The first training session for hunting starts as a puppy. This includes the basic commands for retrieve, recall, stay, sit, and up. These commands are necessary for a good hunting dog. The English Cocker Spaniel is a natural bird dog. Without the proper commands, the safety of the hunter and the dog could be compromised. The training should be done on a daily basis until the puppy is fully aware of what they are to do for every command.
Training For The Pattern
The puppy needs to learn how to stay within the perimeters of the gun. If the puppy is flushing out of your range, you are not going to get any birds. Many professionals use pigeons to train the puppy for proper gun range patterns. The dog needs to learn the pattern of flushing and retrieving within the hunter's range of shooting. After the puppy masters a bird such as pigeons, you will want to try some real flushing before the season opens. This is done to awaken the puppy's sense of smell for other birds rather than just for the smell of the pigeon.
The essential training here is that the dog needs to do a chase and come back if the birds fly out of gun range. The instinct of the English Cocker Spaniel is to keep going until you catch the bird or lose sight of it. For this, you will use a recall whistle, although some trainers have had to use a shock collar to get the puppy used to stopping and coming back.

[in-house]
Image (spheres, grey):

Introducing The Gun
Shooting the gun around a puppy that is unsuspecting could result in gun shyness. You need to take gun training step by step to teach the puppy to hear the shot and retrieve. This takes practice and is not learned in one summer for most puppies. You will need to practice and take the dog out with you to become accustomed to the noise of birds and do a shorter chase and then call them back.
One drill used by training professionals is the flushing, the short chase, and then calling the puppy back after you throw a dead bird down for the puppy to find, retrieve, and bring back to you. The idea of throwing out the dead bird during this type of training is that the puppy is seeing the reward of chasing and coming back. This is important for proper bird hunting.
Do Not Expect Too Much Too Quick
Young puppies that have had training are still not ready for an all day hunting trip. It takes a few years to work up to an all day hunt. Over time the puppy will become accustomed to going longer, doing more chasing, and retrieving. Bird hunting is something that is slow going in the beginning and by adding a little more time for each outing you can help build endurance for the puppy. If you have done the training correctly, the puppy will flush, chase, retrieve, and bring you back the bird.